The SpecFlow Chronicles – Volume 2: In Defense of ATDD

Last week I attended an excellent training in Rapid Software Testing from a Mr Paul Holland.  It was really enlightening and now I really feel like an ass for saying that there isn’t a testing body of knowledge wherein testers can continually improve their testing skills.

I say all kinds of stupid stuff that I end up taking back, that’s why this blog isn’t subtitled “Knowing how to test software in the 21st century.”  😀

I’ve been pondering over the huge amount of info in the course over the past week; there is a TON I would love to discuss with other testers, and I hope to do that here in the twitterblogoverse over the upcoming weeks and months.

But first, today, I want to talk about something Paul Holland mentioned in passing that wasn’t related directly to the RST training (it came up in a discussion of UI test automation): “ATDD is garbage.”  

The first thing that popped in my head was “Oh SNAP, I think I feel a blog post coming on!”  

What is ATDD?

Acceptance Test Driven Development (ATDD) is a practice in which the whole team collaboratively discusses acceptance criteria, with examples, and then distills them into a set of concrete acceptance tests before development begins. It’s the best way I know to ensure that we all have the same shared understanding of what it is we’re actually building. It’s also the best way I know to ensure we have a shared definition of Done. – Elisabeth Hendrickson

Let’s dig a little into the workflow of that by drawing a picture:

ATDD

acknowledgements to Jeff Morgan, who whiteboarded this out for me and my testing buddies at TechSmith.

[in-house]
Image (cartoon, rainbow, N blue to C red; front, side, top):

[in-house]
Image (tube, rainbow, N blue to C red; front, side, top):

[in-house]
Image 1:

This is what I’m referring to as the ATDD workflow:

  1. A card is pulled.
  2. Acceptance criteria is defined by collaboration between biz, test and dev.
  3. The acceptance criteria is satisfied through development work:
    • A developer works on making the feature satisfy the acceptance criteria
    • A tester (or test automator) prepares test automation to be ready for integration with the feature
  4. The tester and the developer come together when the feature is nearing completion, and finish the test automation that allows the acceptance criteria to be automated.
  5. The feature is now “done.” (According to the ATDD workflow.)

I asked Paul Holland about his statement that ATDD is garbage, and from his perspective I now understand why he said that. It all depends on what “done” means in your context. Apparently there are organizations that are creating software using this workflow where, when the automation and the feature cross that line, hand-in-hand, the feature is considered “accepted,” and “done,” and by that they mean it is fit for purpose and thoroughly tested. I don’t agree with that, but I am still an ATDD advocate.

Let’s talk about why.

ATDD helps your team understand the scope of a task

When you’re working in a flow-based, light-specification shop like I am, it can be very hard to define the scope of a task. When the requirements are vague (“improve usage data reporting”), it’s very difficult for everybody to understand what is supposed to be delivered. Are we talking about a total overhaul or a tiny incremental improvement?

ATDD helps solve this problem by getting everybody together to define acceptance criteria in terms of specific examples. One way (my favorite way) to capture these criteria in the Gherkin format, as I described in my first post about BDD tools.
robotSharks